There’s a woman in our street I often see going to school with two small children. She’s very attractive, but careworn and always a little sad. Mrs McG told me a while ago that her husband had left her. Because of that, I developed a special face for her, one of my best, I think. The face was intended to convey many things: sympathy and understanding for her terrible situation; admiration for her fortitude; a benign tenderness towards her two, very cute, children. And then, on a deeper level, a certain despair at the awfulness of men, and an acceptance that as one of them, I had to take some responsibility for that awfulness.
I unleash this face each time we pass in the street and, as you can imagine, it takes a lot out of me, and I often take several minutes to fully get over it. There are times when we see each other approaching from the full length of the street, and then the effort of keeping the face in order will leave my frown muscles aching for the rest of the day. She always smiles back, and it’s a smile that almost matches my own expression in complexity, conveying on her part a determination to carry on, to take out of each day what it could offer, to never give in or submit. And also an acknowledgement that I had understood her sufferings, and was on her side in my own weak and ineffectual way. And perhaps an appreciation of the fact that wearing my pyjamas under my clothes and having mad morning hair means that I’m probably some kind of artist or creative type, maybe a poet, or composer of modernist ballets. Anyway, Monty and I were walking Mrs McG to the tube this morning when we encountered the woman, leaving her flat. I only had time to arrange a quick and peremptory version of the face, and she, in turn, smiled a quick smile.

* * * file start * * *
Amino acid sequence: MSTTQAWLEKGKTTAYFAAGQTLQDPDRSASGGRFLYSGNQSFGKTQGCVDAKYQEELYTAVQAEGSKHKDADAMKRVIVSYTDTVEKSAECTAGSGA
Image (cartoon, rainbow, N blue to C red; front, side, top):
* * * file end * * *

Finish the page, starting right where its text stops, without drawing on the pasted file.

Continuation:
‘So sad,’ I said, to Mrs McG.
‘You know, that shit of a husband… Leaving the children. So small…’
‘What are you on about?’
‘That lady… husband.. you said he left in the night…?’
‘That’s not her.’
‘That was another woman. Another man. This one is very happily married, insofar as anyone is.’
All those faces, wasted. And what must she have thought? I suppose the only way to get anything out of this is to find another abandoned wife (or husband), and point the face at them.